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Expert Rev Neurother. 2017 Mar;17(3):263-276. doi: 10.1080/14737175.2016.1227705. Epub 2016 Sep 20.

Management and therapeutic perspectives in amyotrophic lateral sclerosis.

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a Department of Neurology , Neuro-Muscular Unit and ALS Center, CHU de Bordeaux, groupe hospitalier Pellegrin , Bordeaux , France.
b Department of Neurology , ALS center, Centre de compétence SLA-fédération Tours-Limoges, CHU de Limoges , Limoges , France.
c Department of Neurology, CHU Poitiers , University of Poitiers , Poitiers , France.
d Department and Laboratory of Neurology, Centre de Référence 'neuropathies périphériques rares' , University Hospital of Limoges , Limoges , France.
e Department of Neurology, ALS center , Centre de compétence SLA-fédération Tours-Limoges, CHU de Tours , Tours , France.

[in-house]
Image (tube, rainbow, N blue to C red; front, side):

Amyotrophic lateral sclerosis (ALS) is a fatal progressive neurodegenerative disorder affecting both upper and lower motor neurons. Despite much research and effort, no clear insights into a unifying hypothesis for the pathogenesis has so far emerged for this disease. Areas covered: We review the main pathophysiological hypotheses and the potential therapeutic targets in ALS, as well as the management of these patients (in order to improve their survival and quality of life). Expert commentary: ALS is a complex neurodegenerative disease, these days considered as a multisystem disorder with predominant motor symptoms (and various clinical forms). Further comprehension of the pathophysiology of this disease is required, although pathophysiological mechanisms (such as TDP-43) show promise in the search for new therapies. There is still no curative treatment for ALS, but the emergence of multidisciplinary specialized ALS clinics has increased both the quality of life and the survival of these patients.


ALS; Amyotrophic lateral sclerosis; animal models; management; riluzole; treatment

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